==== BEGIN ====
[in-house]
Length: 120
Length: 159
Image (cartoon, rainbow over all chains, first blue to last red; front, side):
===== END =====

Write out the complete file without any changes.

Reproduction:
[in-house]
Length: 120
Length: 159
Image (cartoon, rainbow over all chains, first blue to last red; front, side):